In fact, this is a double entendre of sorts where the sticker is “bumped” against the MSRP sticker while at the same time, bumping up the price of a car. The only indication that it is not part of the MSRP may be a small fine print disclaimer on the “Bump Sticker.”

A kinder name for the “Bump Sticker” is the “Addendum Sticker” in which the new car dealer adds in dealer-installed accessories, add-on products, documentation services, and a variety of fees, including a “market adjustment fee” or “additional dealer markup.”

Regardless of what name is given to the additional sticker, it is a tactic to try to move the salesperson’s opening offer higher to the unwitting buyer, who may not realize everything on the addendum sticker can be ignored or at the very least negotiated over. But since it appears to be part of the MSRP sticker and may include some creative wording on costs that sound like normal non-negotiable costs like the aforementioned, “…taxes, fees, and registration costs,” it can fool the uninitiated.

Here is an informative YouTube video explaining in more detail about how to identify the MSRP window sticker scam, identify bogus fees that pad the cost of a new car’s perceived value, and how you can avoid being taken by these type of sticker scams.

How New Car Dealers Scam You: Fake Window Stickers, Prices

How to Find the Real Value of a New Car

Finding the real value of a new car is as simple as a few clicks of the mouse. You can go to websites that offer new and used car values such as Cars.com or Edmunds.com to get a good idea. Or, just search using keywords like “MSRP” along with the model of the car to get you started on the right direction toward figuring out what the actual value of a new car really is before going to a dealership.

Furthermore, it would be prudent to check out sites like this one that offers multiple reviews and the latest news on the most recent models of new cars available.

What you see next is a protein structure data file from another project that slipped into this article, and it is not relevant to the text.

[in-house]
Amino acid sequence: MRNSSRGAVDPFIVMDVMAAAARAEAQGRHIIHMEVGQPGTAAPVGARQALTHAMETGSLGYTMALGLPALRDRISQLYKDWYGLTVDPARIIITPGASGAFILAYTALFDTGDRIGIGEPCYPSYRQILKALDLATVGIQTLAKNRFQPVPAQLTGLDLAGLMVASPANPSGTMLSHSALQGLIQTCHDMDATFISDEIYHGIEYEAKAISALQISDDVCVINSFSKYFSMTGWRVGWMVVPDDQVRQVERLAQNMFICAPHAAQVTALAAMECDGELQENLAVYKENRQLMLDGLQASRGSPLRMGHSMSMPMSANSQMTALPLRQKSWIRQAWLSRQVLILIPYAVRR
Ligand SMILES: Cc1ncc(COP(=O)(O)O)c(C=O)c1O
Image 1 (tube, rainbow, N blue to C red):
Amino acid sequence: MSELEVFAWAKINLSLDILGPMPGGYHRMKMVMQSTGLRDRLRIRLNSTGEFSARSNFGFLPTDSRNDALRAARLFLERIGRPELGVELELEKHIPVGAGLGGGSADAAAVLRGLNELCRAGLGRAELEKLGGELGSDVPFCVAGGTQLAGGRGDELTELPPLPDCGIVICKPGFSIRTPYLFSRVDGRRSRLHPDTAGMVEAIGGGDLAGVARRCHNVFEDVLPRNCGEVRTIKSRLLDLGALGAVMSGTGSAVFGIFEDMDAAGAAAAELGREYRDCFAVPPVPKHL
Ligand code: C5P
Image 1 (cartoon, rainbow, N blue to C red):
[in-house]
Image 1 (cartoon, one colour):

For more about ways to save money when buying new or used cars, be sure to check out past and future Torque News articles that could make a big difference in your savings.

Coming Up Next: Tire Center Brake Scams

Timothy Boyer is Torque News Tesla and EV reporter based in Cincinnati. Experienced with early car restorations, he regularly restores older vehicles with engine modifications for improved performance. Follow Tim on Twitter at @TimBoyerWrites for daily Tesla and electric vehicle news.


Subscribe to Torque News on YouTube.


Follow Torque News on YouTube, Twitter and Facebook.

Comments

These aren't scams as long as the customer is informed of them. Vehicle prices are driven by market conditions including inventory availability. If a store needs to make X profit a month to stay open and has half the number of cars to sell, they need to make twice the profit. It's supply and demand. Usually dealers compete for buyers. These days, especially with vehicles that are highly sought after, buyers are competing for vehicles. If one customer refused to pay the market price, another one will. MSRP is a good deal these days.